A phase II prospective multi-institutional trial of adjuvant active specific immunotherapy following curative resection of colorectal cancer hepatic metastases: cancer and leukemia group B study 89903.
(Journal Article;Multicenter Study)
BACKGROUND: Patients with curatively resected colorectal cancer hepatic metastases often harbor occult metastatic disease and are at high risk of experiencing recurrence. This patient cohort is ideally suited to test novel therapies such as immunotherapy. We treated patients-post-hepatic resection-with anti-idiotype monoclonal antibody vaccines to the tumor-associated antigens carcinoembryonic antigen (CeaVac) and human milk fat globule (TriAb), both of which are co-expressed in more than 90% of colorectal cancer patients. METHODS: Vaccinations commenced 6-12 weeks post-hepatic resection and consisted of four biweekly treatments of 2 mg CeaVac and TriAb, then monthly treatments for 2 years, then on every other month for 3 years. The primary endpoint was to investigate the proportion of patients recurrence-free at 2 years, and the objective of the study was to demonstrate that at least 58% would be recurrence-free at this time to consider the regimen worthy of further study. RESULTS: Between July 2001 and October 2004, 56 patients were accrued; 52 patients with margin-negative resection were eligible for analysis. Hepatic lobectomy was performed in 56% of patients with a median of one metastasis (range 1-3). Of the 52 eligible patients, 49 were evaluable for the primary end point. Median follow-up was 3.1 years. The proportion of patients recurrence-free at 2 years was 39%, with a lower confidence bound (LCB) of 0.29. Median recurrence-free survival was 16 months. The 2-year overall survival was 94% (95% CI, 0.81, 0.98). Only 10% of patients had documented grade-3 adverse events. CONCLUSIONS: Anti-idiotype monoclonal antibody vaccine therapy with CeaVac and TriAb as an adjuvant to curative resection of colorectal cancer hepatic metastases is well tolerated but did not improve 2-year recurrence-free survival when compared with the expected value of 40% reported for hepatic resection alone.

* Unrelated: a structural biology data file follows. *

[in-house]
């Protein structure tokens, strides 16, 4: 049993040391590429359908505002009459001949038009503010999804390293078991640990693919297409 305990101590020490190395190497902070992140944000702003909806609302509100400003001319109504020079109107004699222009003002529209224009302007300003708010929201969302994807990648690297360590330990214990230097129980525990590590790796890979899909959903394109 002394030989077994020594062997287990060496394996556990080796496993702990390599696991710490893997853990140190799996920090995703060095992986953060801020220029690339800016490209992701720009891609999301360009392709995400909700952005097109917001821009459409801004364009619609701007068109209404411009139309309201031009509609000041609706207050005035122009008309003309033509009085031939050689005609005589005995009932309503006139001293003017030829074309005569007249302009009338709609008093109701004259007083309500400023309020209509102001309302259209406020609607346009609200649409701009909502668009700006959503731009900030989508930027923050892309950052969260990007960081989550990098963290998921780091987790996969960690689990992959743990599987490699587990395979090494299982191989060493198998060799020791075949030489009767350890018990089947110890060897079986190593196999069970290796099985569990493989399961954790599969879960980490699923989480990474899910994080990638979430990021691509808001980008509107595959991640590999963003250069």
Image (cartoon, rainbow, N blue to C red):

Posner, MC; Niedzwiecki, D; Venook, AP; Hollis, DR; Kindler, HL; Martin, EW; Schilsky, RL; Goldberg, RM; Mayer, RJ
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